Probate is a legal process that takes place after someone dies and serves as the framework for distribution assets that pass into an estate.
The main steps include:
- proving the validity of the deceased’s will,
- inventorying and having their property valued,
- settling legitimate debts and paying any taxes owed,
- then distributing remaining property according to the terms of the will or, if no will is present state law.
Put simply, the probate helps transfer assets from an estate in the correct and in an orderly manner.
The first steps are opening the estate and having the Personal Representative (PR) appointed.
A personal representative is the person named in a will or appointed by the court to be in charge of an estate. After filing a Petition for Probate with the orphan’s court in the county where the decedent resided and having the will acknowledged as valid, the PR notifies surviving family members and creditors of a person’s death.
The PR must then inventory all real and personal property in an estate.
This part of the process serves two major purposes.
- First, it is important to ensure that all property is accounted for. It is difficult to make sure everyone gets what they are entitled to if there are unknown sums of money in a bank account or property in another state nobody was aware of.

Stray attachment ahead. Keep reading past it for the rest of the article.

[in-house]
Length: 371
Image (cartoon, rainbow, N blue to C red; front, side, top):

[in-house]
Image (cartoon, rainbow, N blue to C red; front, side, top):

- This also serves to make sure there is enough value in the estate to first cover debts and distributions to beneficiaries.
Finally, the estate is distributed.
Although the order can vary slightly from state to state, property in Maryland is distributed as follows:
- estate administration costs,
- family allowances,
- funeral expenses,
- taxes and debt,
- all remaining claims,
- and finally what is left is distributed to beneficiaries named in the will or determined by the court.
It is important to remember what property goes through probate.
- Personal property is probated in the state in which the deceased lived,
- real estate goes through the process in the state in which it is located,
- and non-probate assets avoid it altogether.
Non-probate assets are generally assets that are jointly owned or who automatically pass to someone else upon the owner’s death. For example, if one of the two partners of a law firm dies and they have a life insurance policy naming their spouse as the beneficiary, neither the firm nor the insurance payout go through probate.
Many people mistakenly believe probate should be avoided, that it is unnecessary, too complicated, or costs them money.
But with properly prepared estate planning documents, probate can be a quick and painless process.
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Mr. Abraham is an experienced attorney and founding member of the Law Firm of Abraham & Bauer. The Towson, MD office of the firm concentrates its practice in Estate Planning, Elder Law, Probate, Medical Assistance (Medicaid), Guardianship, Asset Preservation and Fiduciary Representation.
He is an active member in a number of professional organizations that focus on law, the senior community, and estate planning. He works with clients in Central Maryland, especially in Towson, Hunt Valley, Lutherville/Timonium, Parkville, White Marsh, Bel Air & Northern Baltimore City.
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